We here show that WEAK ORIENTATION can be solved in linear time, and is hence in P. For this purpose, we need to recall the following two classic results. Recall that a bridge of a graph is an edge whose removal disconnects the graph.

Theorem 1 (Tarjan [11]). The bridges of a graph can be found in linear time.

Theorem 2 (Robbins [8]). A strong orientation of a bridgeless undirected graph can be computed in linear time.

We also need the notion of B-contraction. Given an undirected graph G, its B-contraction is the graph obtained as follows. Let first [e.sub.1], [e.sub.2],... , [e.sub.x] denote the bridges of G, and [B.sub.1], [B.sub.2],..., [B.sub.y] denote the (bridgeless) components of G - {[e.sub.1], [e.sub.2],... , [e.sub.x]}. Then the B-contraction of Gis obtained by associating a vertex [MATHEMATICAL EXPRESSION NOT REPRODUCIBLE IN ASCII] with each component [B.sub.i], and in which two vertices [MATHEMATICAL EXPRESSION NOT REPRODUCIBLE IN ASCII] and [MATHEMATICAL EXPRESSION NOT REPRODUCIBLE IN ASCII] are joined by an edge if and only if there is a bridge joining [B.sub.i] and Bj in G. Clearly the B-contraction of any graph is a tree.

We are now ready to introduce the result of this section.

Theorem 3. An undirected graph admits a weak orientation if and only if its B-contraction is a path.

Proof: We start by proving the sufficiency. Assume G is a connected undirected graph whose B-contraction is a path with successive edges [e.sub.1], [e.sub.2],..., [e.sub.x], and denote [B.sub.1], [B.sub.2],..., [B.sub.y] the components of G - {[e.sub.1], [e.sub.2],..., [e.sub.x]}. We obtain a weak orientation [??] of G as follows. First orient the edges [e.sub.1], [e.sub.2],..., [e.sub.x] towards the same direction, i.e. following the natural first-last ordering of the B-contraction. Then orient the edges of every [B.sub.i] to form a strong component. Such an orientation exists according to Theorem 2 since each [B.sub.i] has no bridge. Clearly [??] is weak since every two vertices within a same [B.sub.i] can reach each other and the orientation of the edges [e.sub.1], [e.sub.2],..., [e.sub.x] form a dipath in the B-contraction.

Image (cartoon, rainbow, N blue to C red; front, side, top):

We now prove the necessity by contradiction. Assume the B-contraction of G is not a path, but G admits a weak orientation [??]. Clearly the orientation of [??], restricted to the B-contraction, should be weak. But this is impossible as the B-contraction of G has a node with degree at least 3, and every B-contraction is a tree. A contradiction. []

Since the B-contraction of any graph can be computed in linear time (due to Theorem 1), we can answer in linear time to every instance of WEAK ORIENTATION. Actually, since the bridges of a graph and a strong orientation of every bridgeless undirected graph can be deduced in linear time (recall Theorems 1 and 2), the algorithm described in the sufficiency part of the proof of Theorem 3 can even be implemented to efficiently construct, i.e. in linear time, a weak orientation (if any) of every undirected graph.

Corollary 4. WEAK ORIENTATION is in P.

2.2 Complexity of k-WEAK ORIENTATION

Clearly the answer to an instance of 1 -WEAK ORIENTATION is yes if and only if G is complete. So 1 -WEAK ORIENTATION is in P. The complexity of every remaining problem k-WEAK ORIENTATION (i.e. with k [greater than or equal to] 2) was mentioned and asked in several references of literature (notably in [6, 9, 10]) due to its relationship with other problems of graph theory (see concluding Section 4). We herein settle the complexity of these problems by showing them to be NP-complete in general.

Theorem 5. k-WEAK ORIENTATION is NP-complete for every k [greater than or equal to] 2.

Proof: For any fixed k, one can, given an orientation G of G, check in polynomial time whether [diam.sub.w] ([??]) [less than or equal to] k. This can be done by essentially computing, for every pair of distinct vertices of G, the length of the shortest directed paths joining these two vertices in [??]. Many polynomial-time algorithms, such as e.g. the well-known Floyd-Warshall Algorithm (with unit weights), can be found in literature and applied to handle this. Consequently, k-WEAK ORIENTATION is in NP.

Let k [greater than or equal to] 2 be fixed. We show that k-WEAK ORIENTATION is NP-hard by reduction from the following problem, which is shown to be NP-complete in [5].

2-VERTEX-COLOURING OF 3-UNIFORM HYPERGRAPHS

Instance: A 3-uniform hypergraph H.

Question: Is H 2-colourable, i.e. can we colour each vertex of H either blue or red so that every hyperedge of H has at least one blue vertex and one red vertex?

Throughout this proof, for any hypergraph H with order n and size m we denote its vertices by [x.sub.1], [x.sub.2],... , [x.sub.n] and hyperedges by [E.sub.1], [E.sub.2],..., [E.sub.m]. For every i [member of] {1, 2,..., n}, we further denote by [n.sub.i] [greater than or equal to] 1 the number of distinct hyperedges of H which contain the vertex [x.sub.i]. From a 3-uniform hypergraph H, we produce a graph [G.sub.H] such that H is 2-colourable if and only if [G.sub.H] admits a k-weak orientation [MATHEMATICAL EXPRESSION NOT REPRODUCIBLE IN ASCII]. This reduction is achieved in polynomial time compared to the size of H.